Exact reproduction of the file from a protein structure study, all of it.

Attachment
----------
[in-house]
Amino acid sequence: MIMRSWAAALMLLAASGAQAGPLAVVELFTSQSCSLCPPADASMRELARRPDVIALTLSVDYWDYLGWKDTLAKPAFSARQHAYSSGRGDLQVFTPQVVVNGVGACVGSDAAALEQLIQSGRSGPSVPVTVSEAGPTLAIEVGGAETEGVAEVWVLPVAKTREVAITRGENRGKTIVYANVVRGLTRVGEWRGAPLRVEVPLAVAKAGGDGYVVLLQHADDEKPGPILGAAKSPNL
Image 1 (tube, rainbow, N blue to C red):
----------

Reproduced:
[in-house]
Amino acid sequence: MIMRSWAAALMLLAASGAQAGPLAVVELFTSQSCSLCPPADASMRELARRPDVIALTLSVDYWDYLGWKDTLAKPAFSARQHAYSSGRGDLQVFTPQVVVNGVGACVGSDAAALEQLIQSGRSGPSVPVTVSEAGPTLAIEVGGAETEGVAEVWVLPVAKTREVAITRGENRGKTIVYANVVRGLTRVGEWRGAPLRVEVPLAVAKAGGDGYVVLLQHADDEKPGPILGAAKSPNL
Image 1 (tube, rainbow, N blue to C red):